S.C. Supreme Court Takes Closer Look at Orders for Protection

The South Carolina Supreme Court issued an important decision today regarding cases heard under the Protection from Domestic Abuse Act.  This statute set forth in S.C. Code § 20-4-10 et seq enables victims of domestic violence to seek an "Order for Protection" to prevent such future abuse.

In Moore v. Moore, after the husbands was arrested for criminal domestic violence (CDV), the wife filed an action pursuant to the above-referenced Act, and she requested an emergency hearing.  At that hearing, the wife was offered a continuance to obtain counsel, but the husband’s request for a continuance was denied.  At that hearing, the Family Court found that the husband had abused the wife and their son, and it issued an Order of Protection.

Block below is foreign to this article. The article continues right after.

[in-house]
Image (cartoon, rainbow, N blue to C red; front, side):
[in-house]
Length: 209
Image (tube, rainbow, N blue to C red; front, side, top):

The Court found that the husband was provided procedural due process prior to the issuance of the Order of Protection, and it affirmed the decision of the Family Court. The Court then found that an Order of Protection issued pursuant to an emergency hearing (a) is temporary, (b) does not represent a final adjudication of the merits of the action, and (c) should not be used against a party in future litigation.

You can read the full text of Moore v. Moore by clicking HERE.

Read more detail on Legal News Directory – Divorce Law

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